Many businesses turn a profit by the retailing and sale of stock, but in order to actually acquire such items, they will need to purchase it from a supplier. The problem here is that the business will not make a profit unless and until they actually sell the stock that they have purchased and so this can cause major problems with regards to the cash flow of the business. By virtue of the fact that the cash flow of the business happens to be unpredictable, this makes it all the more difficult for the business owner to effectively judge whether the business can afford to purchase items or not.
A common scenario that arises in the situation of stock driven businesses is that they sell stock to a customer who purchases the inventory on a line of credit (which means that they will pay for delivery sometime in the future). In this situation, the business will not actually have any cash in hand, but rather, nothing more than a promise of future payment, whenever that maybe. In the meantime, the supplier of the business may not be comfortable or willing to extend additional credit to the business, and so may not provide any further inventory because they have not received payment for it.
Unfortunately, as already identified earlier in the article, the problem is that the business has already tied up a sizeable portion of its working capital in the inventory that was purchased by the customer, who has not yet made payment for delivery. If the business was to pressurize the customer to hurry up with the payment of the money owed, there is always the risk that the customer feels aggrieved by this course of action and so may not wish to use the business in the near future.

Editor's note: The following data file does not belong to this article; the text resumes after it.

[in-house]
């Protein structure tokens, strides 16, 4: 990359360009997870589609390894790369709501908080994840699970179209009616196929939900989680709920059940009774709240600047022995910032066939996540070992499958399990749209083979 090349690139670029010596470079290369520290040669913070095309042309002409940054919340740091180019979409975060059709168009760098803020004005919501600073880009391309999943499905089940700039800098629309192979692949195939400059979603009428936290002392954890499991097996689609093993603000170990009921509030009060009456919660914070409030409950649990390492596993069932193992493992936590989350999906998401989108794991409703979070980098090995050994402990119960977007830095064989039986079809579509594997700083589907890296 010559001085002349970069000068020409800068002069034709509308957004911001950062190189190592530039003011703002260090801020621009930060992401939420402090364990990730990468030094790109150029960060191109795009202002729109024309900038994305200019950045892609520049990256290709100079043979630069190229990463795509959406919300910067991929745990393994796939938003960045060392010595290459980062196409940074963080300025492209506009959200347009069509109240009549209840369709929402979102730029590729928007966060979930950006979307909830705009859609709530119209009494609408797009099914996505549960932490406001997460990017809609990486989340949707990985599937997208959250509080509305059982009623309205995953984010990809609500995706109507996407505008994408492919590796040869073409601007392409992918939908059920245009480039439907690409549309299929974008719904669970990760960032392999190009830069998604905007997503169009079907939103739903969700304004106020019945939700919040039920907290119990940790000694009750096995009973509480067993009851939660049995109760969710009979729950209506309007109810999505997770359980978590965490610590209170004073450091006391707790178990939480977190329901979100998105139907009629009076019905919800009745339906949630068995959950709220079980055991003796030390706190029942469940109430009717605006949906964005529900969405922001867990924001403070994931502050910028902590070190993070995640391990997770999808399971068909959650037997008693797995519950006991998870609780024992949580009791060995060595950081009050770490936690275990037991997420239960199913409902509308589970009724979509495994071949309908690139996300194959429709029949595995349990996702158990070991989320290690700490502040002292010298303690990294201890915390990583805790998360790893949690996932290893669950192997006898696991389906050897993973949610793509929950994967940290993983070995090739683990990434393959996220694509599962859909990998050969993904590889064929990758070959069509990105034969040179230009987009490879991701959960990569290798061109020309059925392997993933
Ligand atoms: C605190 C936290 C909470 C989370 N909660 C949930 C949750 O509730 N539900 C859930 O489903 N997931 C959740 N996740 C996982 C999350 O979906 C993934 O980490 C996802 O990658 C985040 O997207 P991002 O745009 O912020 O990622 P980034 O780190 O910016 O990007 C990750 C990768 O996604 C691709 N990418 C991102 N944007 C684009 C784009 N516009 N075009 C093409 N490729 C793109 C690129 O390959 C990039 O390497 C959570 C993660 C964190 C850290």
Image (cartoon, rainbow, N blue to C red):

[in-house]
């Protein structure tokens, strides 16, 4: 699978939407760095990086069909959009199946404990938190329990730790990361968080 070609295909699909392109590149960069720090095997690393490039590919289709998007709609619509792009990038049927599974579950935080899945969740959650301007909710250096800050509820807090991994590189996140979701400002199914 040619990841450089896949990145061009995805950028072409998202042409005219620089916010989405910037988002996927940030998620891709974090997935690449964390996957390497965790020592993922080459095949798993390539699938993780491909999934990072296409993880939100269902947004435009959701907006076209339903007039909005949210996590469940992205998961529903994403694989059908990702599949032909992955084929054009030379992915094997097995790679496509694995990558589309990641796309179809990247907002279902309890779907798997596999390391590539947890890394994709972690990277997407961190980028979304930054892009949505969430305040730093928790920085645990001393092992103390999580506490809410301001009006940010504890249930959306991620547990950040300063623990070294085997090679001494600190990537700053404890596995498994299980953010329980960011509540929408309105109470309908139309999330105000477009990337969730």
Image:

It is for these reasons then that purchase order financing companies have quickly established themselves as a viable and competitive source of business financing as opposed to the likes of bank loans and overdrafts.
With purchase order financing companies, a retail business that deals directly with the sale of inventory will be able to acquire access to the inventory that they need in the timeframe that suits them, even if they do not have the money to pay for the stock upfront.
The manner in which purchase order financing companies operate is strikingly similar to the factoring agencies and so the purchase order financial business will provide the client company with a letter of credit, which the client company in turn will submit to the supplier.
The supplier will provide the client company with the stock that they require, at the very least, to the value included in the letter of credit. The client company will then assume responsibility for the sale of the stock acquired in this manner, and the purchase order financing companies will be paid as soon as the stock has been sold.